Nicole was just hired by XYZ Co. as its new vice president of sales. She was brought on at a time when XYZ had one of its longest growth runs ever. But she sensed that that run had, well, run its course.
Her instincts were proven correct.
Incredibly, just two weeks into her new position, one of Nicole’s regional sales managers, Mark, came to her with bad news. Alpha Corp. — one of XYZ’s longest-standing, largest and most profitable accounts, had defected to XYZ’s competitor, PDQ Corp.
Nicole asked Mark the obvious question: “Why?”
Mark reported back to Nicole. “I talked to the ‘former’ Alpha account owner. There’s no way to sugarcoat this, Nicole, but his response was: ‘I have no idea; I didn’t see it coming. I’ve been continuing to nurture all of my relationships, there were no service issues and they continue to be happy with our product.’”
So, Nicole penned an email to Mark and his four counterparts around the country: “As all of you know, we recently lost Alpha to PDQ. This should never have happened! And it WILL not happen again!! But before you issue any mandates to your teams, I want each of you to ‘reply all’ by EOD your answer to this question: ‘What is the No. 1 reason companies lose good, ongoing accounts?’”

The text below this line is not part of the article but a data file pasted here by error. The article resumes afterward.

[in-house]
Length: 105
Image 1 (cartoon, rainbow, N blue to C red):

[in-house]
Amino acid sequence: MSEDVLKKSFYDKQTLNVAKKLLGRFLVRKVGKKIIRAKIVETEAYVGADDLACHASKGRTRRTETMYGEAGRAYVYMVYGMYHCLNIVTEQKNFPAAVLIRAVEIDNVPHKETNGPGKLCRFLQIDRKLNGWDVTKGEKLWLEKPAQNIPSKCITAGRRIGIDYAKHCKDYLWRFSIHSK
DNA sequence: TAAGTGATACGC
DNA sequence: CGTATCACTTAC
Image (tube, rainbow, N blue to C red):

Much to her disappointment — but not to her surprise — they all missed it.
She then instructed the five of them to ask the same question to their teams. Goose egg. Nobody got it! “They just start taking them for granted,” “They let the relationships go stale,” “Service and responsiveness issue,” were pretty much the sum of everyone’s responses.
Nicole finally put the answer out to her team in an email with the subject line: “Why we lost Alpha and why we will lose more Alphas if we don’t do something about it.”
The body of her email had one word: “C-h-a-n-g-e!”
She didn’t have to say any more. Nicole knew everyone would get it. And they did! Responses poured in: “Change in buying philosophy,” “Change in org structure and key players,” “Change in company ownership,” “Change in the type and amount of competitive inroads,” “Change in the company’s business challenges.”
But Nicole knew that simply issuing marching orders to “get out there and get to know your key customers” would only lead to exploding expense reports and give the team a false sense of security. Because she knew that customers don’t just start organically sharing info about what’s really happening at the account…no matter how strong the relationship.
Salespeople won’t learn key, strategic information by osmosis. That’s not because customers don’t want to share such info, it’s because they have no idea it even matters to the salesperson. Customers are so used to everyday conversations being limited to project management, service issues and technical discussions, if not family, football or fashion. In most cases, they’re actually quite happy to share. All we need to do is ask!
But that — asking — leads to Nicole’s next challenge. Her third challenge was more real and practical: getting customers’ heads in the right place to openly share strategic information. And Nicole knew this came down to how the salespeople framed up the conversation at the start of the meeting.